Yesterday we had a day on site getting all the laundry done and sorting the van ready for travelling so we could have a chill out day today.

We set off from site to walk to and around the Cheddar Reservoir. Great for bird watching with the occasional rare bird passing through.

We didn’t plan on eating out today but as we were passing the Bath Arms pub we could smell fish and chips and could not resist so in we went. While waiting for our meal we chatted about our time here, how much we had enjoyed it and how much we were looking forward to some walking and cycling in the New Forest.

We didn’t plan on eating out today but as we were passing the Bath Arms pub we could smell fish and chips and could not resist so in we went. While waiting for our meal we chatted about our time here, how much we had enjoyed it and how much we were looking forward to some walking and cycling in the New Forest.

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9th February 2019 Brighton

Once we got off the train from France we decided to kill two birds with one stone by having a catch up with our old managers from the then Caravan Club (now the Caravan and Motorhome Club) and a quick look around Brighton before a planned trip next year.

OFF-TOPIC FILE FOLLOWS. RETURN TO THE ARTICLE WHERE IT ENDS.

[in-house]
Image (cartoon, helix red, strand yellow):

Shaun & Billie were great managers to work with during our time with them at the Brecon Beacons club site. We became good friends and have been in touch ever since we left. Not only did we get on well with them but also we got on with their dogs (eventually) Peggy and Betty. Peggy we won over fairly quickly but Betty took a lot more time but we got there in the end…….I think!

We stopped off at Thriftwood Country Park near Stanstead, Sevenoaks where they have a lovely lodge. An added bonus was that Bruce was staying with them. We met Bruce while he was with them while they were working at the Great Yarmouth site. You can probably guess that Angela and I are big dog lovers.

It was great to see them in their lovely home, they made us feel very welcome and we had a great catch up as well as some lovely vegetarian food.

It was good to see the inside of their lodge as it is something that we may consider in the future!

We said our goodbyes after a couple of days and headed off to the Brighton club site for another short stay before heading back to Oxford to get ready for work.

For some reason we only have pictures of the dogs!

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1st February 2019 Le Touquet, France

Destination:- Le Touquet (Camping Car Park, Merlimont).

2 hours 30 minutes, 133 miles and €24 tolls.